What is Choke?
Choke occurs when food or a foreign body obstructs the horse’s esophagus. The esophagus is a muscular tube that transports food from the mouth to the stomach. The obstruction may be partial or complete.
The most common causes of choke are swallowing food or other material which is either too dry or coarse, or food which swells rapidly once chewed and becomes lodged in the esophagus (e.g. unsoaked sugar beet pulp). It can also occur if a greedy horse attempts to swallow feed quickly without chewing it thoroughly. Age-related tooth loss, dental wear, or oral pain caused by sharp teeth may predispose to inadequate chewing of food before swallowing. Any condition which interferes with the horse’s ability to swallow (e.g. sedation, trauma to the neck/esophagus) can predispose to choke.
Discharge of saliva and feed material from the nostrils and/or mouth, outstretching of the neck, and difficulty swallowing are the most obvious signs of choke. When first ‘choked’ some horses will panic and make repeated unsuccessful efforts to swallow, cough and ‘gag’. If the condition has gone unnoticed for a period of time, then the horse may become dehydrated and severely depressed. Although many cases clear on their own, if you think your horse has choke then keep the horse as quiet as possible, remove all feed and water, and contact your vet immediately.
A sedative is administered to keep the horse calm and encourage it to keep the head lowered. Keeping the head lowered helps fluid drain from the nose and reduces the risk of food and saliva being inhaled into the windpipe. Drugs may be administered to help relax the esophagus. The obstruction is then gently eased down into the stomach with the help of a stomach tube. If this cannot be achieved easily, the obstruction is flushed out with water via the tube. Fluid is allowed to run out, gradually flushing some of the obstructing material out with it. This can be a long process and patience is needed to avoid damaging the esophagus. In some panic-stricken, uncooperative or solidly-obstructed cases it is necessary to anaesthetize the horse to allow flushing to be performed safely and thoroughly. Once the choke is cleared the horse is given anti-inflammatories and should be fed sloppy feeds or grass for several days to allow any swelling to subside.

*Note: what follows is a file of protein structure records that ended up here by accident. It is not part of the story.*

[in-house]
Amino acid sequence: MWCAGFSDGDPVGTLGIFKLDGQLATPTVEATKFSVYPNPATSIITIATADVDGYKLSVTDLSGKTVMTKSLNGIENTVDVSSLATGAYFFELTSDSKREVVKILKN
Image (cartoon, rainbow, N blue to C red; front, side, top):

Most cases resolve without complications. The most serious potential complication is rupture of the esophagus either as a direct result of the obstruction or from attempts to dislodge it. Another possible complication is pneumonia due to the horse inhaling fluid and/or food material into the windpipe and lungs resulting in infection. If left untreated pneumonia can be fatal. If aspiration is suspected then a course of antibiotics is prescribed. It is important to monitor horses for any signs of coughing or depression in the days after an episode of choke.
It is very important to soak dried foodstuffs thoroughly to allow it to swell before it is eaten. Providing regular routine dental care ensures that the horse can chew food thoroughly and effectively before swallowing. Some horses will choke on a particular feed, and once this is recognized access to it should be avoided. Large stones in the feed box can slow down greedy eaters. Lastly, it is important to provide access to clean water at all times to encourage the horse to maintain normal hydration.
Top: Courtesy of www.horseprotection.org
Bottom: Courtesy of www.merckvetmanual.com